For me, the inclusion of historical figures such as Abraham Lincoln, George Armstrong Custer, Theodore Roosevelt, Samuel Clemens ( aka Mark Twain ), Fredeick Douglass, Generals Jackson (Stonewall ) and Longstreet, William Tecumseh Sherman, Jeb Stuart, Geronimo and more add a rich flavor to the tale. Following these characters to their likely(?) destinations based on this alternate history is a lot of fun. The battles depicted seem possible and the employment of the more advanced weaponry and tactics available at the time provide food for thought. European allies...from the end of the first war to this second...are of importance, though their exploits don't earn as much detail in the book as they probaly should. The political motivations of the times and the characters are quite interesting and add elements that shed light on the original conflict as well as this imagined aftermath. One British customer/reviewer was upset at the treatment of the British in the book. My opinion is that as the ally of the Confederate States of America, which may be perceived as the villainous side in this story, it's possible that a British reader may feel some negativity in their depiction. For my part, I don't think that the British are treated poorly and, in fact, pull off a highly professional and successful raid that any military fan would be impressed with. This book is followed by Turtledove's Great War series and I for one am anxious to follow his entertaining path.
Help other customers find the most helpful reviews 
Was this review helpful to you? Yes No


4 of 4 people found the following review helpful
4.0 out of 5 stars A really good story, 30 Nov. 2000
By A Customer
This review is from: How Few Remain (Hardcover)
How Few Remain is an Alternative History novel, about what would have happened if the South had won the Civil War. The American Civil War is the second most popular alternative History SF setting (the first is WWII) and a particular interest of Harry Turtledove cf the Guns of the South. This one has a far more credible reason for the South winning, the failure of McLellan to intercept Lee's battle plans during the Antietam campaign and Lee's victory there followed by foriegn recognition of the CSA. All of this is dealt with in the first few pages and is credible enough. But it's 1881, 20 years later, that is the focus of the book. At this point the CSA looks likely to acquire two Mexican provinces and thus gain a Pacific coastline. In order to stop this the USA goes to war.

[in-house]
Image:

Like most of Turtledove's books, the story unfolds from the viewpoint of a number of characters, in this case they're all historical characters. What's more we have George Armstrong Custer, JEB Stuart, Thomas "Stonewall" Jackson and Abraham Lincoln as viewpoint characters, all of whom died during the war or, in Custer and Lincoln's case, as a result of it. It's sort of fun to see them in 1881 meeting such people as Theodore Roosevelt and Albert Schlieffen (two more of the viewpoint characters.) It's also fun to see how Turtledove deals with how they would have coped in the world of 1881.
This is the major difference between this book and other alternative Southern Victory books. 1881 is the cusp of the modern world, a world with weapons of mass slaughter, industrial unrest, etc. The war the CSA fights in 1881 is very different to the war of 1861, which was bloody enough, because now every soldier on both sides has a repeating rifle. As such it resembles WWI more than the ACW. This is a foretelling of what is to come and indeed Harry Turtledove has written a series of sequels covering WWI wherein both the CSA and USA get involved.
This is more than just a prequel to the Great War series though. The book is well written, grabs your attention from the beginning and unfolds a story that is all too credible. This book is worth reading on its own merits and I reccomend it to anyone interested in the ACW, WWI, Turtledove's writing or just a really good story.
Help other customers find the most helpful reviews 
Was this review helpful to you? Yes No


4 of 4 people found the following review helpful
4.0 out of 5 stars Probably Turtledove's Best, 21 Sept. 2006
By 
Kevin Kissell (Somewhere in France) - See all my reviews
(REAL NAME)   
This review is from: How Few Remain (Paperback)
I was introduced to Turtledove by a friend who was a colleague of his when he was still teaching history at UCLA. That was with the "World War" series, which is a lot of fun, if a bit silly. "How Few Remain" has the downside of having started the interminable Great War/American Empire/Return Engagement series, with their dismal characterization and mindless parallels of the historical 20th century, but taken on its own, How Few Remain is the best thing of Turtledove's I've ever read. In particular, his treatment of Abraham Lincoln is superb - much of what he has Lincoln say in the 1880s was in fact lifted from speeches and letters from before he became president, so they ring perfectly true to character, and at the same time illuminate how far ahead of his time Lincoln was as a social thinker. If only Turtledove would use this sort of technique more often, instead of just churning out repetitive prose!
Help other customers find the most helpful reviews 
Was this review helpful to you? Yes No


2 of 2 people found the following review helpful
5.0 out of 5 stars Contains every element of great alt history, 25 July 2004
By 
MarkK (Phoenix, AZ, USA) - See all my reviews
(TOP 1000 REVIEWER)   
This review is from: How Few Remain (Hardcover)